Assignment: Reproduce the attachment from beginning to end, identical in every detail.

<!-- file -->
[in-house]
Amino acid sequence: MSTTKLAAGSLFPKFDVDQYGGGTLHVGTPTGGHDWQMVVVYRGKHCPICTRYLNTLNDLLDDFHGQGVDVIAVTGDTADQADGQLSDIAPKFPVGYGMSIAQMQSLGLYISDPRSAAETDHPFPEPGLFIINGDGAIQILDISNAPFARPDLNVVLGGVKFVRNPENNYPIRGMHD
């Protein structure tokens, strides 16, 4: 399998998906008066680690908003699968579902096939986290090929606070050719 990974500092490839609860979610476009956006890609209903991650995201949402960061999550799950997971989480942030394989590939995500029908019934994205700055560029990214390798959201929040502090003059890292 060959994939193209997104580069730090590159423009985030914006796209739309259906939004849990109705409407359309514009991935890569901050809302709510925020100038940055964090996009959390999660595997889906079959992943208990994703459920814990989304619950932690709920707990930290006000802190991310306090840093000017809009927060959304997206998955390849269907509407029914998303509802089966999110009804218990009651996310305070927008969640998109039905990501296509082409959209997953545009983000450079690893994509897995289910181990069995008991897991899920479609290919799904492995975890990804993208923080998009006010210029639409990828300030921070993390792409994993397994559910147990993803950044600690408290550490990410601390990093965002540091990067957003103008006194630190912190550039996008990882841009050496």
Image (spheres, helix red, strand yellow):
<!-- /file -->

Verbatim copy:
[in-house]
Amino acid sequence: MSTTKLAAGSLFPKFDVDQYGGGTLHVGTPTGGHDWQMVVVYRGKHCPICTRYLNTLNDLLDDFHGQGVDVIAVTGDTADQADGQLSDIAPKFPVGYGMSIAQMQSLGLYISDPRSAAETDHPFPEPGLFIINGDGAIQILDISNAPFARPDLNVVLGGVKFVRNPENNYPIRGMHD
């Protein structure tokens, strides 16, 4: 399998998906008066680690908003699968579902096939986290090929606070050719 990974500092490839609860979610476009956006890609209903991650995201949402960061999550799950997971989480942030394989590939995500029908019934994205700055560029990214390798959201929040502090003059890292 060959994939193209997104580069730090590159423009985030914006796209739309259906939004849990109705409407359309514009991935890569901050809302709510925020100038940055964090996009959390999660595997889906079959992943208990994703459920814990989304619950932690709920707990930290006000802190991310306090840093000017809009927060959304997206998955390849269907509407029914998303509802089966999110009804218990009651996310305070927008969640998109039905990501296509082409959209997953545009983000450079690893994509897995289910181990069995008991897991899920479609290919799904492995975890990804993208923080998009006010210029639409990828300030921070993390792409994993397994559910147990993803950044600690408290550490990410601390990093965002540091990067957003103008006194630190912190550039996008990882841009050496």
Image (spheres, helix red, strand yellow):